Data collection included all scheduled and omitted doses due at any time of day or any day of the week during each patient’s screening period. Eligible medications were any listed in the British National Formulary (BNF) . Information recorded included ward type (adult/elderly), patient age/gender, medication names/forms/routes, weekend or weekday, medication round, and reason for any dose omissions. As required (pro re nata) medication doses were excluded, as were any medication doses scheduled when the patient was temporarily off the ward (e.g. periods of leave). Only regular and ‘stat’ once only prescriptions active on the day of data collection were considered eligible for inclusion in the study; previously cancelled prescription items were excluded. Pharmacy teams examined re-written prescription charts to confirm patient eligibility and screen 14 days’ worth of data.
Standardised training for pharmacist and pharmacy technician data collectors employed by the study sites involved a face-to-face seminar including an introduction to the study and guidance with completing the data collection forms. A data collection guidebook was also made available throughout the study and teams could contact the researchers with queries.
Data were collated and entered into a Microsoft Excel® database by RNK, KB and GHA. Data analysis proceeded using STATA v15®. Descriptive statistics were employed to determine the point prevalence and nature of omitted doses. Rates of total omitted dose, ‘preventable’ omitted doses, and total/’preventable’ omitted doses involving ‘time critical’ medications were calculated by dividing the total number of relevant omitted doses by the total number of eligible scheduled doses and were presented using frequencies and 95% confidence intervals (CI). Adjusted outcome rates were also presented for total and ‘time critical’ doses based on the hierarchical structure of the data.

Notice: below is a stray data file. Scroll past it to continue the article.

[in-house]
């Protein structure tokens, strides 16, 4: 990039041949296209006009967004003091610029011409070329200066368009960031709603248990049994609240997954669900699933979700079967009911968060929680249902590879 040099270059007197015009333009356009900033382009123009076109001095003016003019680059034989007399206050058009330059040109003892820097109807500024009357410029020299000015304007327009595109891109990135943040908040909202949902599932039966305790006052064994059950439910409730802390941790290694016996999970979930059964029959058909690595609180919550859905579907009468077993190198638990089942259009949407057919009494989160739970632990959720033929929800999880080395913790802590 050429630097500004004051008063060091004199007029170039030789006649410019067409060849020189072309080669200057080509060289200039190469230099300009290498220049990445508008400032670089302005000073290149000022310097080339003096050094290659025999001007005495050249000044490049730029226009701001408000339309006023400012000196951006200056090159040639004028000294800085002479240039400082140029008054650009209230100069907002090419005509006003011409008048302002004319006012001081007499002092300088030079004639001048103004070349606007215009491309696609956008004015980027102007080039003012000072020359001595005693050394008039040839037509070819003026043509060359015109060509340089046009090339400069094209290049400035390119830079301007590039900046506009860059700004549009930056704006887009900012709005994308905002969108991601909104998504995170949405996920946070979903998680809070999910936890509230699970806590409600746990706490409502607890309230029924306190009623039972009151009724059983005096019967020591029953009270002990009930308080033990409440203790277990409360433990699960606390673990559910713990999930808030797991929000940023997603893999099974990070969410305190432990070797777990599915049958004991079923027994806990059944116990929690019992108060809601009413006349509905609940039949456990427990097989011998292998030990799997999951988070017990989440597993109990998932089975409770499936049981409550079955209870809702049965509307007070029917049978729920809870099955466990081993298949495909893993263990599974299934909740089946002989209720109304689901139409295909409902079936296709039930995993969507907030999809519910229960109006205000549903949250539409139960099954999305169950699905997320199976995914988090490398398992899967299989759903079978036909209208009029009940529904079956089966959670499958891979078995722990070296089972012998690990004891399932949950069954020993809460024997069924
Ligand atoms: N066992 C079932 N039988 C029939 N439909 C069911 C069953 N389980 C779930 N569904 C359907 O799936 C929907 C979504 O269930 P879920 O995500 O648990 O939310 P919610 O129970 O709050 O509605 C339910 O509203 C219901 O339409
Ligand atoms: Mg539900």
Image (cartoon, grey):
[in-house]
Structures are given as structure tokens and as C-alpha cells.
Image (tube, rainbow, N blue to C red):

Mixed effects logistic regression modelling was conducted to determine potential associations between total and ‘preventable’ omitted dose outcomes and covariates. The analyses accounted for the multi-level data structure, with doses nested within patients and patients nested within wards. Individual hospitals and NHS trusts were treated as fixed effects in the model. Given the complexity of the data structure, each potential covariate was considered, in turn, in a series of univariable models. Co-variates included ward type, day of week, medication round, administration route, medication class, ‘time critical’ medication, patient age and gender. Covariates with a p-value of <0.2 were included in a multivariable model. Non-significant (p>0.05) covariates were then removed, one at a time, leaving the most parsimonious model. Adjusted odds ratios (ORs) and 95% confidence intervals are presented to give context to the findings, with p<0.05 used to express statistical significance.